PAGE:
The night wore away slowly. All were anxious to advance, but the order to do so was not given till five o'clock this morning. At that hour the flag-ship Benton weighed anchor and started in the direction of the Fort, signalling the remaining gunboats to follow. On turning Craighead's Point, they were not a little surprised at seeing the Stars and Stripes already waving over the deserted rebel works. It was afterwards learned that during the night, Col. Ellet, of the ram-fleet — who, it will be remembered, acts independently of the Flag-Officer--had moved down the stream with two or three of his boats, and finding no enemy to dispute his passage, had landed at the Fort, and hoisted the banner of beauty on the flagstaff where the rebel ensign had so recently waved. The act was thought to be rather discourteous to the flotilla, some of the officers of which manifested a little ill-feeling, but this soon wore away in the general joy of the occasion.

By eight o'clock every vessel, directly or indirectly connected with the flotilla, was either at the Fort or in motion toward it. The gunboats were huddled together in the stream; the tugs were screaming and bustling about as if they had never before had quite so much business to attend to; the ammunition-boats — the Great Western, black as night, and the Judge Torrence, exactly the reverse — were lazily drifting down; the tow-boats, puffing along slowly with two or three mortars apiece lashed to them, were doing their utmost not to be behind the rest, and the rams and transports were scudding along at their highest rate of speed. The scene was most inspiriting, and every pulse on the flotilla beat quicker at the sight. No wonder the hospitals of our land forces were almost entirely cleared. No wonder that pale faces grew flushed. No wonder that each vied with the other who should be first within the deserted rebel stronghold. The long, long canker of inaction was over, and something toward closing the account of the rebellion on the Mississippi was about to be done.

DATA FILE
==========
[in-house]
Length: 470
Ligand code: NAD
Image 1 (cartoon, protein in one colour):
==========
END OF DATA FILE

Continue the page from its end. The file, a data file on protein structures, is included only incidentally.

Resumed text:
When the transport having on board a brigade of newspaper correspondents reached the Fort, we found its intrenchments thronged with our men, Col. Fitch of the Forty-sixth Indiana, having been on the ground some time with his regiment.

Our transport had hardly touched her landing before we were on shore, leaping ditches, scaling escarpments, peering into magazines, looking down the muzzles of huge guns, creeping into casemates, looking through embrasures, threading zigzag paths, climbing almost perpendicular heights, walking seemingly interminable lines of breastworks, and kicking around the charred remains [168] of the desolate-looking place. All were astonished at the strength of the works and the vast amount of labor that had been expended upon them.